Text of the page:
Analyzing Story Openings (RWA 2010 Blog Series)

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Today I’m blogging about “The Inside Scoop: Analyzing Openings as an Agent, Bookseller, and Reader, Then Solving the Problems as a Writer Workshop presented during RWA’s 2010 Conference by author Robin Perini and author/freelance editor Claire Cavanaugh.

The speakers started with a survey of agents, booksellers and readers. Most agents knew by the end of page 1 if they didn’t want to read on, though they might read up to 10 pages. (Such a scary thought!) They want to be given enough of a hook within the first two or three paragraphs that they are interested in reading on.

What sorts of things do agents and/or readers want to see on the first few pages?

  • Characters in conflict
  • High concept
  • Voice
  • Who to root for
  • Setting up of reader expectations such as tone and genre

Some tips for creating compelling openings that will make people read on:

  • You generally need to make clear by the end of the first page what the setting for your story is.
  • Set your tone and maintain it. If you are writing drama, don’t start out with humor.
  • State your theme early and sprinkle in references to it throughout.
  • Create one or more questions for the reader.
  • Make it short. Only include what the reader really needs to know right now.
  • You need a character your reader will fall in love with or want to be like.
  • Answer what, where, when and how as soon as you can. It’s the why that will keep readers reading on.
  • Make sure you are showing vs. telling. Bring your reader as far into the character’s viewpoint as possible.

    Do you have a favorite opening for a book? What is it that makes this opening so compelling for you?

    For me, it’s the opening to Halfway to the Grave by Jeaniene Frost. We know by page 2 that the heroine is not a typical woman. Far from it. She’s got a dead body in the back of her truck. Who wouldn’t be compelled to read on and find out why?

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    6 thoughts on “Analyzing Story Openings (RWA 2010 Blog Series)

      Rachel Firasek said:
      November 17, 2010 at 1:46 pm

      Your reference is the exact same one I was thinking about. Frost delivers on every level and I use her books as a writer’s tool-not to copy mind you, but as a reference to what will work. Love her. Great article.

        Rosalie Lario responded:
        November 17, 2010 at 1:54 pm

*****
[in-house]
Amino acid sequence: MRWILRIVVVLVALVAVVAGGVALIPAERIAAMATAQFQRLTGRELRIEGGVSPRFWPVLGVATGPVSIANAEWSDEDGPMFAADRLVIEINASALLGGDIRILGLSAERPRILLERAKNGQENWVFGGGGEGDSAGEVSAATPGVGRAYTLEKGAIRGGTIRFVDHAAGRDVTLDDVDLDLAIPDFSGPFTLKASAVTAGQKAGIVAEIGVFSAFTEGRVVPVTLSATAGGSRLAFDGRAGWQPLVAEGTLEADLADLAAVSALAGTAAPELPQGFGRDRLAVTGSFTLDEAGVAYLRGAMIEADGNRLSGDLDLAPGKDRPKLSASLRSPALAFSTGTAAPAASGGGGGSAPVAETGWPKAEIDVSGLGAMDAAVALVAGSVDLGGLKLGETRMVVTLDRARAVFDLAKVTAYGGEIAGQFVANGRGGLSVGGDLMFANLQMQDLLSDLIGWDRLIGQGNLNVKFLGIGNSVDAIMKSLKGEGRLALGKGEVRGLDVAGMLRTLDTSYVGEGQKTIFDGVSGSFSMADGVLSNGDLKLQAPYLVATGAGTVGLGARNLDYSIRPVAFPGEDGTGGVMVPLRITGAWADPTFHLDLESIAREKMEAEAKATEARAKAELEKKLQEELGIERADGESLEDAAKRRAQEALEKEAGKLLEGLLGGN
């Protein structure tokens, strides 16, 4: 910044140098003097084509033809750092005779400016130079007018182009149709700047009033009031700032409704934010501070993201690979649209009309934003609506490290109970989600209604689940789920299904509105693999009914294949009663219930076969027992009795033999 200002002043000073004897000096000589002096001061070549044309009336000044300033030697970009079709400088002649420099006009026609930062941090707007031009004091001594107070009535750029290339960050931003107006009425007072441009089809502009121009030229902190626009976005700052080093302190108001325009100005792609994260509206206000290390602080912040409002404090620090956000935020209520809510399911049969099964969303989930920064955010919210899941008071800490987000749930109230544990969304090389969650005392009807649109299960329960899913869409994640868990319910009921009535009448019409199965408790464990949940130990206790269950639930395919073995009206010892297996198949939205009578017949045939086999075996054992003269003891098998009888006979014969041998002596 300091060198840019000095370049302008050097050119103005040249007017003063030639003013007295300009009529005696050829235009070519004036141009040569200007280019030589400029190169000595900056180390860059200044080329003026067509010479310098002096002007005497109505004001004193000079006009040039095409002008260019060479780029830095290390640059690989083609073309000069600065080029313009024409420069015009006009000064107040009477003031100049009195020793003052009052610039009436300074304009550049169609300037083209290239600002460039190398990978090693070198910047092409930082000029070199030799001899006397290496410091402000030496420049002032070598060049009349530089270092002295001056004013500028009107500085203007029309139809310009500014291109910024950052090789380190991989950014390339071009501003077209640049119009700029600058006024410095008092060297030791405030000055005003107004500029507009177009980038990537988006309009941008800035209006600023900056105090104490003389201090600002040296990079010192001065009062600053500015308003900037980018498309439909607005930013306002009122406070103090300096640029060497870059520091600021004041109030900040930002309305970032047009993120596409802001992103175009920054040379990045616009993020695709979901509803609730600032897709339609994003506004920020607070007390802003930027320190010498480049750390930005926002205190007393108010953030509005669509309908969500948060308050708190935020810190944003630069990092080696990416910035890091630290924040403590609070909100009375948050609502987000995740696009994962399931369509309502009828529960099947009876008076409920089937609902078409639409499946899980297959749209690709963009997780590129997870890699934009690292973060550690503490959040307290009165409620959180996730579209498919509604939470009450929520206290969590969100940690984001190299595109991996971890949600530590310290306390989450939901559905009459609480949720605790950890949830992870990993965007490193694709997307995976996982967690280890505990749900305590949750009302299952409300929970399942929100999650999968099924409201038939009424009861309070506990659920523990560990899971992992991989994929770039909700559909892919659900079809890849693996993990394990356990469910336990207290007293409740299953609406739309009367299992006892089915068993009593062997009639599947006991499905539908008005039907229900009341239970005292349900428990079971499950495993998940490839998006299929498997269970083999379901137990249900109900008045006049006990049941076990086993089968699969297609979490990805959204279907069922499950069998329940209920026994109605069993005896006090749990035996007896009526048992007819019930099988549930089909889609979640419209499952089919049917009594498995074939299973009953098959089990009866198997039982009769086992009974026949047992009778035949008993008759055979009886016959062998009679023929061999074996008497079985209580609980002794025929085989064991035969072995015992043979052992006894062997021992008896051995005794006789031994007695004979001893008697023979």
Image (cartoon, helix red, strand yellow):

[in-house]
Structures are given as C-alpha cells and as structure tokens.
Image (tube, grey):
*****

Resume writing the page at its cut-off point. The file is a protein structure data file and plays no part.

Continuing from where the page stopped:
She is a great reference. Her openings are strong and effective. They pull you into the story immediately. I can only strive to write half as effectively as that.

      laradunning said:
      November 17, 2010 at 2:03 pm

      Thanks for the tips for the first few pages. It is a scary thought to think the first page holds so much for your future to getting published. Maybe a good way to look at it, is as a flash fiction exercise. Use your list and make sure those are all included within the first 1500 words.

        Rosalie Lario responded:
        November 17, 2010 at 2:08 pm

        That’s a great suggestion, Lara. I agree, it is quite daunting to think that agents and editors make a decision so quickly. We spend months, if not years, on a novel, and it can be discounted in a matter of seconds. Yikes!

      Anita Clenney said:
      November 18, 2010 at 7:28 am

      Great tips!! I can’t think of a favorite opening off the top of my head, but agents and editors are certainly looking for good openings. When I got an agent she almost immediately had me cut the first chapter of my Scottish paranormal so that I opened at the moment before a big discovery, and I made the first lines more compelling. We hear all the time that new writers should in most cases cut the first chapter, but I actually saw it in practice, and she was right. It made the story much better. And she sold it 🙂

      Aside from the fact that editors and agents are looking for good ones, and judging them so quickly, as a reader it’s wonderful to be immediately grabbed by a story.

        Rosalie Lario responded:
        November 18, 2010 at 8:17 am

        I always try to think as a reader when crafting my openings, but it’s so difficult to do when you know your story so intimately. Openings are really tough!

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